Export Nation 2013

Strong export performance over the past several years has played a central role in the ongoing economic recovery in the United States, particularly in the largest metro areas. The top 100 metro areas alone account for 64 percent of the nation’s total exports and all but one of the top 100 metros saw an increase in exports from 2003 to 2012. While growth has been strong, the United States is more than $200 billion below the administration’s goal to double exports in five years. Only 12 of the top 100 metro areas have maintained the 15 percent annual growth rate required to double exports, suggesting that there is significant potential for the expansion of exports at the metro level. Click here for the full report (PDF).

Use the interactive below to see how your metro region performed, and click here to download state profiles (ZIP). This report is a part of the Global Cities Initiative.

The metro area exports map

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Limit analysis to the 100 largest metro areas by population

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Distribution of {{rankOutOf}} metro areas
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Top ranked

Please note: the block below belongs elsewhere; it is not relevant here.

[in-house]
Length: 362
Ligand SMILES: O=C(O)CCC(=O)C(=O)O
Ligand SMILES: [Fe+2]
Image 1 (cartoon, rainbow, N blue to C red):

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By the numbers

Exports in 2012

In 2012, the total value of exports from {{cityname}} stood at {{overallData['mrx2012'] | numformatting:'dollmill'}} or {{overallData['mxgdp2012'] | numformatting:'percent'}} of all output.

This ranked the region {{rank_mrx2012 | numformatting:'rank'}} of {{rankOutOf}} metro areas on the total value of its exports and {{rank_mxgdp2012 | numformatting:'rank'}} on exports intensity.

Inflation-adjusted changes

2003–12: {{overallData['mrx20032012'] | numformatting:'_percent'}} (rank: {{rank_mrx20032012 | numformatting:'rank'}}/{{rankOutOf}})

2003–08: {{overallData['mrx20032008'] | numformatting:'_percent'}} (rank: {{rank_mrx20032008 | numformatting:'rank'}}/{{rankOutOf}})

2009–12: {{overallData['mrx20092012'] | numformatting:'_percent'}} (rank: {{rank_mrx20092012 | numformatting:'rank'}}/{{rankOutOf}})

Share of exports value by industry, 2012

Key Findings

An analysis of key export trends between 2003 and 2012 for the 100 largest metro areas finds that:


  • Exports drove post-recession growth in the 100 largest metro areas.

  • Few metro areas are on track to achieve the NEI goal of doubling exports in five years.

  • The 10 largest metro areas, by export volume, produced 28 percent of U.S. exports in 2012.

  • Two-thirds of the largest metro areas underperform the United States as a whole on export intensity.

  • The most export-intensive metro areas are highly specialized in certain industries.

  • Metro areas whose export intensity grew fastest experienced higher economic growth.

  • Metro area manufacturing exports grew to record levels in 2012.

  • Services accounted for more than half of post-recession export growth in 11 metros, including San Francisco, Washington DC, and New York. 

  • Certain industries, especially in the services sector, produce almost all of their exports in the top 100 metro areas.

  • Both highly specialized and highly diversified metros performed well from 2003 to 2012.